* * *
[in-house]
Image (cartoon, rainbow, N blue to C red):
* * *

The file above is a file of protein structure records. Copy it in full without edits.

[in-house]
Image (cartoon, rainbow, N blue to C red):